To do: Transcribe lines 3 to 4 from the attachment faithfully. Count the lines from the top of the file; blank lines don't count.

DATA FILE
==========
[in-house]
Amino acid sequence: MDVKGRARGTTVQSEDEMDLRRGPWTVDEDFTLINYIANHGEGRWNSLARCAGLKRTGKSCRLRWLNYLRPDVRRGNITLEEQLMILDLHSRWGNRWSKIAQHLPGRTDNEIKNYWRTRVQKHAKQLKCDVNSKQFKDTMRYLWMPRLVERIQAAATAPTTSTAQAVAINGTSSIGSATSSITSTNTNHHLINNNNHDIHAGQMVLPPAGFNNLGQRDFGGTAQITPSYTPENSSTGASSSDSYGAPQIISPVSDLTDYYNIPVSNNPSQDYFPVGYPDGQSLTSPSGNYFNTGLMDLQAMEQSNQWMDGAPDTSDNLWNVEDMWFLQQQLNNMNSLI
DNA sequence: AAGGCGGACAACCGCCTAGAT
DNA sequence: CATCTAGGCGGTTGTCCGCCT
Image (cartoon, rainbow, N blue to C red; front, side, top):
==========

DNA sequence: AAGGCGGACAACCGCCTAGAT
DNA sequence: CATCTAGGCGGTTGTCCGCCT